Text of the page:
Academic journal article International Journal of Men's Health

Responding to Men in Crisis: Masculinities, Distress and the Postmodern Political Landscape

Academic journal article International Journal of Men's Health

Responding to Men in Crisis: Masculinities, Distress and the Postmodern Political Landscape

Article excerpt

Responding to Men in Crisis: Masculinities, Distress and the Postmodern Political Landscape by Brian Taylor. Abingdon, Oxon: Routledge, 2005, 283 pp.

The postmodern, feminist and critical schools have helped us recognize the ways in which social structures hold down, diminish, and victimize women and members of other "other" groups (non-White, non-heterosexual). Notably, less attention has been given to the ways these structures may also harm majority-group men. In this work, Brian Taylor focuses on the complex intersection between patriarchal masculinity and its concurrent "privileges," the emasculation of men within the mental health system.

Taylor's direct examination of this complex topic is thoughtful and thought-provoking. The author argues effectively that we need to avoid the simplistic perpetratorvictim binary (as has happened with many other binary conceptions), recognize and honor the stories of individual men's suffering and difficulties (as has been done with the stories of individual women), and eliminate gender-based categories (for example, "mad and bad" men vs. good but passive women). He also argues for greater attention to the entirety of a man's (or woman's) personal story, and not simply those aspects that conform to our cultural stories. As a result, men who commit suicide might not automatically be construed as victims, but may also be recognized as belonging to that small group of men who threaten suicide during divorce or child custody battles or who use suicide as a way to punish their female partners. Taylor's recommendation is simply to treat men in distress as individuals who may or may not experience the benefits of the patriarchal system but also as individuals whose difficulties may be compounded by masculinity's injunctions to not demonstrate emotion, not expose weakness, and solve problems on one's own.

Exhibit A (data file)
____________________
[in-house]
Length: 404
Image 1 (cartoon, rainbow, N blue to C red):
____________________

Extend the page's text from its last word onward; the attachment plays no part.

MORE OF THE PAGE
Taylor recognizes that his suggestions present substantial challenges. As he repeatedly points out, many of his suggestions are logical applications of his theoretical approach to men and many of his suggestions reflect extant practices with women. Taylor also acknowledges that his recommendations will require service providers, self-help groups, and self-advocacy groups to be more flexible in their outlook and practices, while maintaining an appropriate level of support in situations that challenge everyday expectations and have no obviously "correct" solution. …

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